In The Book of Delights, one of today’s most original literary voices offers up a genre-defying volume of lyric essays written over one tumultuous year. The first nonfiction book from award-winning poet Ross Gay is a record of the small joys we often overlook in our busy lives.
It’s planting season! For the eleventh year, Carnegie Library of Pittsburgh has partnered with Grow Pittsburgh and Phipps Conservatory and Botanical Gardens to bring you the Celebration of Seeds. We’re also excited to announce that we’ve expanded gardening programming to five CLP branches this year.
This year, we’re bringing back the Annual Seed Swap at CLP-Main, a four-hour event featuring gardening workshops, seed giveaways, creative activities for children and teens and so much more. For more information or to register, check out the event here.
You can also find a Seed Starting workshop at CLP-Sheraden, The 411 on Leafy Greens, a workshop centered on best practices for leafy greens and tomatoes at CLP-Homewood, Gardening for the Whole Family at CLP-Woods Run, and Seed Germination Necklaces at CLP-Mt. Washington. Check out our events page for more information on these workshops! The Greater Pittsburgh Community Food Bank will host No Cost Farmers Markets at several events, so bring your reusable grocery bag if you plan to check out the workshops at CLP-Sheraden, CLP-Homewood, or CLP-Woods Run!
Looking for more ways to learn about gardening, food justice, or sustainable practices? Check out the book list created by our partners at Grow Pittsburgh and Phipps below!
If you’re looking for more book suggestions, we’re happy to recommend them to you! Use this Book Recommendation form to send us some information about what you like to read and we’ll curate a list just for you.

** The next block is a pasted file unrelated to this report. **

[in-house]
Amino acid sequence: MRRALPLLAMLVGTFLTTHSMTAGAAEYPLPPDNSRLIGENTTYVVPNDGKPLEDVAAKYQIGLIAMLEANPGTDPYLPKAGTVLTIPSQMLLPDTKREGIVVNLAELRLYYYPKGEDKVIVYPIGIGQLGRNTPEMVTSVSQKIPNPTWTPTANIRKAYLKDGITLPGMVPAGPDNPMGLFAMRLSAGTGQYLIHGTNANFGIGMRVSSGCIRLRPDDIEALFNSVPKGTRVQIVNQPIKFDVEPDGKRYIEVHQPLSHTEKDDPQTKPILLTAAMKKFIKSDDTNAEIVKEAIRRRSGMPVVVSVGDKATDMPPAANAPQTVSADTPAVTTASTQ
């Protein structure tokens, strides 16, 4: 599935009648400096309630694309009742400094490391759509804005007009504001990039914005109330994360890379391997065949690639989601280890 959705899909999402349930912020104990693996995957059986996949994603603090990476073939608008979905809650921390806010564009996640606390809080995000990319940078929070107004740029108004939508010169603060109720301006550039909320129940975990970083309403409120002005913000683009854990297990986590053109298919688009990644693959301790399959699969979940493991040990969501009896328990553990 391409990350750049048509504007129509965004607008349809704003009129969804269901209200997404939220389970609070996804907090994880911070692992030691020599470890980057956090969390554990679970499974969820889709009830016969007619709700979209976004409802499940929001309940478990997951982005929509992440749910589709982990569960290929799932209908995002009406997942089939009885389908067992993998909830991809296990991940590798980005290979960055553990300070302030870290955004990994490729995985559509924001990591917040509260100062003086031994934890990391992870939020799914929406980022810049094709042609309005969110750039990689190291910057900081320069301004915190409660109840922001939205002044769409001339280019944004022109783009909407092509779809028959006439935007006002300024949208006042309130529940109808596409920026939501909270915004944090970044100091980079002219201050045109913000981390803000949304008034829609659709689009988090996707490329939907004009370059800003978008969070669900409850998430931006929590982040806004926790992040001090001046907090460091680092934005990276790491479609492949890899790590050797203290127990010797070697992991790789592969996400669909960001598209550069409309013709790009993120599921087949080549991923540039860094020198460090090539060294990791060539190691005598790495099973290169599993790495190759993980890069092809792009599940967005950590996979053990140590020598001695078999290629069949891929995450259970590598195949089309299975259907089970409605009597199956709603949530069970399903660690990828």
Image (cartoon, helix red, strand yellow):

Robin Wall Kimmerer is both a Potawatomi woman and a botanist. In Braiding Sweetgrass she describes how these identities enhance each other, indigenous knowledge used to structure studies in the field, and botany enriching the generational knowledge handed down by elders.
In 1920, 14 percent of all land-owning US farmers were Black. Today less than 2 percent of farms are controlled by Black people: a loss of over 14 million acres and the result of discrimination and dispossession. While farm management is among the whitest of professions, farm labor is predominantly brown and exploited, and people of color disproportionately live in “food apartheid” neighborhoods and suffer from diet-related illness.
This title is also available for checkout as an eBook on OverDrive/Libby.
In Koshersoul, Michael W. Twitty considers the marriage of two of the most distinctive culinary cultures in the world today: the foods and traditions of the African Atlantic and the global Jewish diaspora. To Twitty, the creation of African-Jewish cooking is a conversation of migrations and a dialogue of diasporas offering a rich background for inventive recipes and the people who create them.
Companion planting has a long history of use by gardeners, but the explanation of why it works has been filled with folklore and conjecture. Plant Partners delivers a research-based rationale for this ever-popular growing technique, offering gardeners dozens of ways they can use scientifically tested plant partnerships to benefit the garden as a whole.
Craft a soothing aloe lotion after an encounter with poison ivy, make a dandelion-burdock tincture to fix sluggish digestion, and brew up some lavender-lemon balm tea to ease a stressful day. In this introductory guide, Rosemary Gladstar shows you how easy it can be to make your own herbal remedies for life’s common ailments.
Community gardening enhances the fabric of towns and cities through social interactions and accessibility to fresh food, creating an enormously positive effect in the lives of everyone it touches. LaManda Joy, the founder of Chicago’s Peterson Garden Project and a board member of the American Community Gardening Association, has worked in the community gardening trenches for years and brings her knowledge to the wider world in Start a Community Food Garden.
This title is also available for checkout as an eBook on Hoopla.
A vacant lot, rat-infested, and filled with garbage, looked like no place for a garden. Especially to a neighborhood of strangers where no one seems to care. Until one day, a young girl clears a small space and digs into the hard-packed soil to plant her precious bean seeds. Thirteen very different voices—old, young, Haitian, Hispanic, tough, haunted, and hopeful tell one amazing story about a garden that transforms a neighborhood.
Sandor Ellix Katz, winner of a James Beard Award and New York Times bestselling author, whom Michael Pollan calls the “Johnny Appleseed of Fermentation” returns to the iconic book that started it all, but with a fresh perspective, renewed enthusiasm, and expanded wisdom from his travels around the world.